Are you teaching a class remotely or do you have a student at home who is virtual learning? Set your students up for success and create a remote-learning space in any room of the home. With a little creativity and consideration, you can help turn your home into a classroom!
Designate a Space
The most important step in creating a remote-learning space is to designate a spot for the student to set up their “desk” whether they actually have one or not. Try to find a spot that is free of daily distractions and that is out of range of other family members’ remote working or schooling space. Consider unused areas, such as an alcove or corner to set up shop. Remember to set up near an outlet to keep the student’s computer charged. And, if the space can be near some natural light like a window or glass door, that’s ideal.
Design Your Desk
If a desk is available for use, perfect! If not, don’t stress. Convert the dining room table or kitchen counter into the student’s desk for the day. If possible, set up outside on the patio table — the fresh air will be the perfect counter to screen time. Or, wipe down those folding tables in the garage and set up the student’s space. Just make sure they are able to easily clear their areas when the final “bell” rings.
If you are actually purchasing a desk, find one that has a drawer or two, and possibly a shelf either on top or on the sides. These extra storage areas will help keep the student organized and efficient by having everything at their fingertips. Plus, it will keep items off the floor and the desk free of clutter.
Store School Supplies
Keep all of the school supplies together so they are easily accessible. Store all pencils, pens, scissors, glue sticks and crayons in a pencil box, just as they would at school. Consider purchasing an inexpensive bin or two to keep all notebooks and textbooks together and organized. Hang their earphones or headset nearby — you can buy inexpensive, no-damage hook, use a nail or even a drawer pull!
Share the Schedule
Posting the student’s schedule close to their workstation is a good idea to keep them on track and in the know. Remember, if the student was in school, they would have physical and audible reminders constantly throughout the day to keep them on schedule. Print out their schedule and tape it on a wall so they can see what’s coming up for the day. You may want to print out a monthly calendar or purchase a wall calendar to mark off no-school or early-release days, or to mark special days to give them something to look forward to. Consider getting a white board they can jot notes on, or work out problems.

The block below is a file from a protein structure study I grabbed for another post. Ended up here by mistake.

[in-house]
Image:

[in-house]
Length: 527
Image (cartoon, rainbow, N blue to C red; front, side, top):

TIP: Write down all the passwords they need to get them through their virtual day with no qualms.
Once you have figured out where your student will be spending most of their time for remote learning, consider adding some visual inspiration on the walls around them. Ask the student to get involved so they can design their own space. Some ideas, which can double as an art project:
- Vision Board – Sift through magazines (or the Internet) and paste images on a poster board that represents their goals or aspirations for the coming year and beyond.
- Hanging Collage – Using a piece of ribbon or yarn and a few paper clips, find some pictures of friends, special moments or memorable events and string them along on the wall. Change them out frequently to change your vantage point.
- Student Mural – If you so dare, give your student some paint, a paint brush and ask them to design their own wall art.
Nothing can replace the vibe of a school. But during these uncertain times when bedrooms are becoming the classroom, working with what you have is key to your student’s success.